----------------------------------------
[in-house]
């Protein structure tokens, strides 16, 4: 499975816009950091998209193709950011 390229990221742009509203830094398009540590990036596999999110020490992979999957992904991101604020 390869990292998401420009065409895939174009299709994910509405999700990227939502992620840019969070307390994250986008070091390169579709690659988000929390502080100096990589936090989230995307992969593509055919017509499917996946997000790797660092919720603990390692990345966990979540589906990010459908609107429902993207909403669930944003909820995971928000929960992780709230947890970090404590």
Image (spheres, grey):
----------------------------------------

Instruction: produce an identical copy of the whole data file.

[in-house]
């Protein structure tokens, strides 16, 4: 499975816009950091998209193709950011 390229990221742009509203830094398009540590990036596999999110020490992979999957992904991101604020 390869990292998401420009065409895939174009299709994910509405999700990227939502992620840019969070307390994250986008070091390169579709690659988000929390502080100096990589936090989230995307992969593509055919017509499917996946997000790797660092919720603990390692990345966990979540589906990010459908609107429902993207909403669930944003909820995971928000929960992780709230947890970090404590």
Image (spheres, grey):